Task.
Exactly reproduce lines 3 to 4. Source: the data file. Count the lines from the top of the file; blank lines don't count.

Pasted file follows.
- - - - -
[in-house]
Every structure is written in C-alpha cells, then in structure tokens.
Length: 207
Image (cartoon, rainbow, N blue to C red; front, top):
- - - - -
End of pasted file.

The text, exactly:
Length: 207
Image (cartoon, rainbow, N blue to C red; front, top):